Snohomish County Sheriff’s Office detective Jim Scharf is interviewed by “60 Minutes” about how genetic genealogy solved a 31-year-old double-murder cold case. (CBS)

Local cold case helps ‘60 Minutes’ explain genetic genealogy

An arrest in the 1987 double-murder of two people from Victoria was one of three examples highlighted in a segment you can watch here

– By Eric Stevick, Everett Herald

A local 31-year-old cold case was highlighted Sunday on the CBS newsmagazine “60 Minutes” during a segment exploring a new crime-solving tool that combines DNA analysis and family genealogy.

The episode was reported by Steve Kroft, a long-time correspondent for the half-century-old program.

It described how the research technique led to the arrest of a 72-year-old suspect earlier this year in the so-called “Golden Gate Killer” case. Police in California believe a serial killer is responsible for 13 murders, more than 50 rapes and over 100 burglaries in California from 1974 to 1986.

READ MORE: DNA sheds new light on 30-year-old B.C. murder mystery

The “60 Minutes” story explained how a detective submitted the unidentified killer’s DNA to a public database called GEDmatch, which is used by genealogy enthusiasts who voluntarily provide DNA to research family history.

The idea, detective Paul Holes told “60 Minutes,” was this: “If we can’t find him, can we find somebody related to him? And then work our way back to him? And so ultimately, that’s what we did.”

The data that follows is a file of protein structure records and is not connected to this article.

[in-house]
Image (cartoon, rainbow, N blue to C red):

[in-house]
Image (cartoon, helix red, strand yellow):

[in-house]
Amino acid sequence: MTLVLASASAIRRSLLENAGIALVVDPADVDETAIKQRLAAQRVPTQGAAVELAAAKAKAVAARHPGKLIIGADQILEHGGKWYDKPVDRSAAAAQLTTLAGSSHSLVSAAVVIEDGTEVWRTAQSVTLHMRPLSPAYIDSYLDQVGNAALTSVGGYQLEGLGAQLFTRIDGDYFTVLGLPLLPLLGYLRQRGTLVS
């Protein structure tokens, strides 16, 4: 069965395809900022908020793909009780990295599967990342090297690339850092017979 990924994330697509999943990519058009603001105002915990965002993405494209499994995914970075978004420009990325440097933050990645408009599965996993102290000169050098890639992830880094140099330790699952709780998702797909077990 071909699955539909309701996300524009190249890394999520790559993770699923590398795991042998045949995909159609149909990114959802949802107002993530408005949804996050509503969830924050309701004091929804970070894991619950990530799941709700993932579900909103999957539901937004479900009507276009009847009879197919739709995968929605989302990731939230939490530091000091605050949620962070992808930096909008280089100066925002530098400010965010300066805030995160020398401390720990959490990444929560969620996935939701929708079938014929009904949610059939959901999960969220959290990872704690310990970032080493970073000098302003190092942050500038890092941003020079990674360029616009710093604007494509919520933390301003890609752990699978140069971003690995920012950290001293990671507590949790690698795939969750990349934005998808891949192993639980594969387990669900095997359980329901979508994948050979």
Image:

Detectives in Snohomish and Skagit counties did the same thing with the help of CeCe Moore, lead genealogist for Parabon NanoLabs, a small DNA technology company in Reston, Virginia.

READ MORE: Police hope new tools will help solve 30-year-old murder

And that led “60 Minutes” producer Michael Karzis to the Snohomish County Sheriff’s Office in Everett earlier this month for an interview with cold-case detective Jim Scharf. Scharf had been looking for a breakthrough in the homicides of Jay Cook and Tanya Van Cuylenborg, a young Canadian couple killed in 1987 while on a road trip to Seattle from their hometown of Saanich, British Columbia, on Vancouver Island.

Van Cuylenborg’s body was found off a road near Alger in Skagit County. She had been sexually assaulted, shot in the head and dumped in the woods. She was 18.

The body of Cook, 20, was discovered beneath a blanket near a bridge south of Monroe. He appeared to have been beaten with rocks and strangled.

Earlier this year, Scharf got “the tip of a lifetime to solve this case,” he told “60 Minutes.”

READ MORE: DNA sketch aims to crack cold case of Oak Bay High grads

A new analysis of DNA evidence led Moore and cold case detectives to identify the suspected killer, by way of second cousins who had uploaded their DNA to public genealogy sites. The cousins were searching for relatives. Detectives arrested one of those relatives, William Earl Talbott II, on a murder warrant in May.

Talbott was the only male carrier of the DNA mix from the two families that could match the DNA found at the homicide scenes.

Scharf said Monday that “60 Minutes” did a good job of describing the technology and practical applications for a national audience.

READ MORE: Arrest made in 30-year homicide of Oak Bay High grads